Betrayed by Presupposition
Presuppositions can work against our understanding in ways that aren’t usually apparent. Let’s look at one such case.
The presupposition: Uniformitarianism. This is the thought that everything as we observe it now is exactly how it worked in the past. The sedimentary layers in rock are read this way, assuming they were uniformly laid down at regular intervals. So upper layers are new, lower layers are old (sometimes much older). All due to processes that have never changed since eons past, operating in the same way in the same amounts of time.
This is a contention of naturalism, and is not strictly held by theists. There are a few exceptions. Anything existing by necessity, such as God himself or mathematical constructs, won’t change (even after the Fall). The quantity of “two” is always “two” no matter what numbering system you use to designate it on paper, and equations will always retain certain patterns and properties. Though a hexadecimal system will differ slightly from a decimal system, and a binary system from the other two, evident patterns will still emerge in all of them (following from the base number of the system). The Lord doesn’t change, either; he isn’t blown about by the wind.
The second exception would be universal laws. These are built into the fabric of reality and thus remain unchanged through time. This includes moral laws–if it’s wrong to sacrifice a child now, it’s always been wrong to sacrifice a child. Since some cultures practiced that, it means that moral epistemology sometimes must catch up to moral ontology.
According to the Bible, there are differences between things at the outset of creation verses and things as they stand now, due in a large part to the Fall of Man. After the Fall, some rules changed (as punishment) and creation took on new ways of functioning.
Which brings us back to uniformitarinism. This simply isn’t provable. It is an inherent assumption in the philosophy of science where it pertains to the historical sciences (paleontology, archeology, and evolution). It holds up to scrutiny, so I’m not dissing it here. The point I’m trying to make is that is not a scientific fact, but an assumption undergirding many conclusions of cosmogony, paleontology, and evolutionary biology. Science can’t prove its assumptions, given that many of its most cherished conclusions rest on this particular one. That would be circular reasoning.
And that brings us to the following tweet:
This is only a problem to those who subscribe to uniformitarianism. For those who don’t, the universe was a work-in-progress for the six days of creation (however we understand them isn’t important to my argument; I don’t care if they’re 24-hour days, ages/eons, or ceremonial sunrise-to-sunset Jewish holidays). Which means that, at least for those six days (and perhaps beyond), the rules were different. Probably not drastically different, but different enough to invalidate uniformitarianism.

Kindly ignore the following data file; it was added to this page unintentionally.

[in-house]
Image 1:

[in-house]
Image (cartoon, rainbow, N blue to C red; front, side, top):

The sun (day 4) was created after plants (day 3). But plants don’t, strictly speaking, need the sun. They need light, which has been present since day 1. The source of that light could be questioned, but the fact is that it’s there and it can sustain the plants until God created the sun.
The obvious objection is going to be that there is no source for the light. Asking me to speculate on the source of the light isn’t going to hurt my argument one bit. Dealing strictly with the text of the Bible, the all-important light is there, and that’s what’s important. Deal with that, please; the source of the light is a distraction to the issue (although I’m prophesying that 90% of the comments are still going harp on this point).
Here’s the take-away: the universe wouldn’t be a fully-functioning entity apart from the intervention of God until it was complete on day 6. God rested on day 7 because the universe was then self-sufficient and could operate on its own.
The only reason to assume that the universe would have functioned fully apart from the hand of God on natural laws alone is uniformitarianism. So, Mr. Yhwh’s presuppositions as (I presume) a materialist are working against his ability to read the text for what it says. He wants the sun to be there, and points out that it isn’t, therefore plants die. However, he neglects the texts that specify that light is there, so his argument is a non-starter.